Saturday, 30 June 2007

Clown Dog


Friday, 29 June 2007

Thursday, 28 June 2007

Time to eat!

from flickr, by Kimberly Jennery

Wednesday, 27 June 2007

Joke: Short Animal Jokes - Elephants, Part 1

How can you tell when an elephant has been in your refrigerator?
Look for elephant tracks in the butter.

How do you know if there is an elephant under your bed?
Your nose is touching the ceiling.

How do you make an elephant float?
Add two scoops of ice cream and a can of root beer to one elephant.

How do you shoot a blue elephant?
With a blue elephant gun, of course.

How do you shoot a red elephant?
No, not with a red elephant gun. You strangle him until he turns blue, and then shoot him with a blue elephant gun.

How do you shoot a green elephant?
Tell him a dirty joke so he turns red, strangle him until he turns blue, and then shoot him with a blue elephant gun.

How do you shoot a yellow elephant?
Don’t be silly, there’s no such thing as a yellow elephant!

How do you stop an elephant from charging?
Take away his credit card.

How you get down from an elephant?
You don't, you get down from ducks.

If you see an elephant in your car, what time is it?
Time to get a new car!

What did the elephant say to the naked man?
"How can you breathe through that?"

What did the elephant say to the naked man?
"It's cute, but can you pick up peanuts with it?"

Pirate Dog


Tuesday, 26 June 2007

Follow the Leader

Yuri Gripas / Reuters

President Bush's dogs, Miss Beazley and Barney

Monday, 25 June 2007

Pet Protector to the Rescue

Dear owner: Please leave me at home. It gets really, really hot in the car. I don’t like it. Love, your loyal pet.

Does this look familiar? I hope not. If you’ve been the recipient of such a note, then you’re guilty of inflicting a cruelty no animal should be forced to suffer—being left in a parked car on a warm day.

Yes, I’m willing to admit that I am the local pet protector who secretly slides these notes under your windshield wiper. As you may have noticed, I always make sure that the writing faces the inside of the vehicle. That way, it can be easily read when you finally do return to your pet.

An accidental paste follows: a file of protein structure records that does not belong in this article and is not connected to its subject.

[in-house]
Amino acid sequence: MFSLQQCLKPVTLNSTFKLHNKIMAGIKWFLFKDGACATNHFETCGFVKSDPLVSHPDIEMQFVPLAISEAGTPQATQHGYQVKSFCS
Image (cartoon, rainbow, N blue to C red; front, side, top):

I am the person who advised the cashier at Chapters that you had left your headlights on. It was the tiniest of lies. I’d hoped that, after hearing the announcement, you would rush out, read my note, feel the appropriate amount of shame and vow never to leave your dog in the car again. Just to let you know, I waited 15 minutes before you returned. What were you thinking?

Many errant pet owners may claim they’re only making a quick dash into the grocery store. But you know how it is; a list of three items can soon turn into a cart full of food. The line-ups can seem excruciatingly long to the animal you’ve left in the stifling heat.

Just recently, I happened upon a policeman standing helplessly beside a parked car. A dog, its tongue dangling over its lower jaw, paced along the back seat. Interested bystanders lingered in front of the stores. The cop mumbled into his radio. Was he getting permission to break the window and rescue the animal? I sat in my own car (windows cranked open) and waited.

The sound of smashing glass was not to be. Instead, a harried woman, with two young children tugging on her arm, approached the car. At that moment, I envisioned her back at home, rounding up the kids, searching for her purse and shopping list before heading, breathless, out the door. The kids may have begged to bring Fido along with them. Overworked and tired, she gave in.

The cop spoke to her, the crowd dispersed, and I started my car and pulled away. I had mixed feelings about that particular episode. I could empathize with the woman but the fact remained—the dog could have died.

Even with the windows partially open, the temperature inside a car can reach 49 degrees Celsius within minutes. I often hear warnings on the radio and television advising pet owners about the dangers. And, still, people continue to invite their beloved canine friends along for the ride.

Last summer, unprepared, I would scribble my notes on any available scrap of paper—a bank receipt or a Starbucks serviette. This year, when the warm weather began to poke its way through the winter’s chill, I knew it was time to pull my pet protector cloak from the closet. Anticipating a rash of owners not heeding the media warnings, I’ve printed off 20 copies of the note (it’s true, this is becoming a bit of an obsession). I’ll stash the notes in my glove compartment and, hopefully, there will be some remaining when the weather eventually begins to cool.

No one’s ever caught me playing the crusader to these four-legged victims. I’m very careful. With the ease of a seasoned stalker, I stroll toward my target and, in a fluid motion, whisk the piece of paper into place. Seldom do the animals, usually dogs, make any kind of fuss. The odd time, I see the owners discover my note. It’s interesting to observe their suspicious and, sometimes, angry glances around the parking lot.